After exploring the health of the planet and it’s people on day 1, The Association of Professional Futurists turned toward the heavens on day 2. Recorded live at the Boeing Museum of Flight, Seattle, WA, July 29,2017. Here is a brief overview of what we heard, from the visionaries we heard it from: Brian Tillotson and Marna Kagele, both scientists at Boeing; Jeff Roberts, director of launch programs for Space Flight Industries; and Chris Lewicki, president and CEO of Planetary Resources.
Today’s sessions at the Association of Professional Futurist’s annual meeting in Seattle, Washington, consisted of morning sessions on efforts to improve human health in the third world. It included talks from Brian Arbogast of the Bill and Melinda Gates Foundation, on transforming sanitation; Sarah Chesemore, also of the Bill and Melinda Gates foundation, on the future of vaccine delivery; and Jan Flowers, research scientist and clinical faculty member at the University of Washington, on dissemination of health informatics programs in resource constrained settings. They provide brief summaries of their work in today’s mini-cast.
APF 2017 mini-cast #2: Global Health Futures
2017 APF minicast#2 (YouTube): Global Health Futures
The most common question that I get asked, when I tell somebody I’m a futurist, is “what is a futurist?” From now on, I’ll tell them to listen to this podcast. From the Association of Professional Futurists annual meeting, Seattle, Washington, July 27, 2017.
“I believe fuel cells could end the 100-year reign of the internal combustion engine.” –William Clay Ford
Hydrogen fuel cells have long been touted as a possible replacement for the internal combustion engine. But progress has been slow, and the emergence of this technology seems not much closer than it was 20 years ago. In episode #3 of Seeking Delphi, I explore the world of Hydrogen Fuel Cells with William Smith, the CEO of Infinity Fuel Cell and Hydrogen, Inc. The oil companies may not want you to hear this, but this technology is not dead yet. Links to Infinity’s web site and this weeks news stories are below. Seeking Delphi is now available on iTunes.Now also on YouTube.
Podcast episode 3: Whatever Happened to Fuel Cells , running time 22:13.
In episode one of Seeking Delphi, the podcast, I spoke with David Wood, chair of London Futurists, about his book The Abolition of Aging. Specifically, we talked about his bold forecast of a 50% probability of widely available, affordable rejuvenation therapy being available by 2040. In part two of my interview with David, we discuss a few of the wide ranging implications for society, should radical longevity extension become a reality. Retirement, work, sustainability and the meaning of life itself are all in play.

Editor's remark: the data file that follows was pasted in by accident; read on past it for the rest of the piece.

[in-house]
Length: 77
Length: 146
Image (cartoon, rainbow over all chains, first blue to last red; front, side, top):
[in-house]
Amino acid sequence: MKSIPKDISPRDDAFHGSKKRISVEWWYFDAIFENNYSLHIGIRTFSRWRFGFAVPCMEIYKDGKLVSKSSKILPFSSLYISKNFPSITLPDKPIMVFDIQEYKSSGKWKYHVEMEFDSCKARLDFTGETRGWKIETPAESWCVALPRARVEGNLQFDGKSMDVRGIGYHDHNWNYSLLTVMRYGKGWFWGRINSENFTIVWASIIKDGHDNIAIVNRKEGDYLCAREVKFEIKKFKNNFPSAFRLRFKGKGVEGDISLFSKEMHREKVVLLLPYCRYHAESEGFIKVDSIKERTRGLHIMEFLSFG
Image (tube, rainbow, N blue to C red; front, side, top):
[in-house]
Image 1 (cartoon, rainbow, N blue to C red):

“I don’t want to achieve immortality through my work; I want to achieve immortality through not dying. I don’t want to live on in the hearts of my countrymen; I want to live on in my apartment.”–Woody Allen
In episode one of Seeking Delphi, the podcast, I talk with David Wood, chair of London Futurists, about his book The Abolition of Aging. Relevant links to this weeks’ show below the audio track. This is part 1 of a two part program. This week: can we do it? Next week: Should we do it, and if we do it, what are the implications? These podcasts are now available for subscription on YouTubeand iTunes.
Episode #1: The Abolition of Aging, Part 1; running time 26:9
It’s not likely that Thomas Jefferson meant to disparage study of the past, it’s just, like Albert Einstein’s missive that imagination is more important than knowledge, he meant that it is our dreams of the future that enable us to build a better world.
I’ve been dreaming about the future since I was a kid. Daydreaming, my parents would have said, and my wife certainly would say. But that’s OK. Somebody has to do it. If humankind is going to survive the the challenges that lie ahead, somebody needs to be thinking further ahead than the next pay check, the next quarter’s profit, and the next election. Let’s do it together.
On Seeking Delphi, the podcast, I’ll address many of the myriad uncertainties that lie ahead, some of them with existential consequences. Some of them just for fun. But all of them the stuff that imagination–and dreams–are made of.